New Zealand plans to withdraw all troops from Iraq by June 2020

The New Zealand and Australian troops were station in Taji Military Complex. (File/AFP)
Updated 10 June 2019
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New Zealand plans to withdraw all troops from Iraq by June 2020

  • The country has 95 noncombat personnel at Taji Military Complex
  • They will also decrease the number of defense force personnel in Afghanistan

WELLINGTON, New Zealand: New Zealand says it will withdraw all of its troops from Iraq by next June.
The South Pacific nation has a small contingent of 95 so-called noncombat personnel deployed at the Taji Military Complex northwest of Baghdad, where they are tasked with training Iraqi security forces.
The training mission is a joint operation with Australia, which has about 300 troops stationed at Taji. Australia has not made any announcement about its long-term plans at the base.
Prime Minister Jacinda Ardern said Monday the number of New Zealand troops will be reduced to 75 by July and then to 45 by January before all the troops all withdrawn.
Ardern also announced New Zealand will reduce the number of defense force personnel it has posted in Afghanistan from 13 to 11.


16 dead in crush at Madagascar independence day rally

Updated 45 sec ago
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16 dead in crush at Madagascar independence day rally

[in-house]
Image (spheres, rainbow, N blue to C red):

• The accident occurred outside Mahamasina Stadium, where several thousand people had gathered for a concert following the traditional military parade held to mark the national holiday

ANTANANARIVO: At least 16 people were crushed to death and dozens injured in Madagascar on Wednesday at a stadium hosting national independence day celebrations in the capital Antananarivo.
The bodies of sixteen victims, including three children, were stored at the mortuary of HJRA hospital in the city, AFP journalists said.
Hospital director Oliva Alison Rakoto had earlier reported 15 dead and 80 wounded.
According to witnesses at the hospital, the accident occurred in the afternoon outside the Mahamasina stadium, where several thousand people had gathered for a concert following the traditional military parade held to mark the national holiday.
At the end of a military parade, security forces opened the gates to allow spectators to leave the enclosure, causing the crowd to mass outside the stadium, witnesses said.
The police then immediately closed the gates and blocked the crowd, witnesses said, causing a deadly pile up.
“When the organizers opened the gate, we were in the front row, in the queue,” said Jean Claude Etienne Rakotoarimanana, 29, who suffered bruises from the crush.
“Suddenly people ran to get in front of us. They shoved us, some even punched us and pulled us,” he added, saying he then fainted.
In September 2018, a deadly crush killed one person and injured 30 people in similar circumstances at the entrance of the same stadium during a football match between Madagascar and Senegal.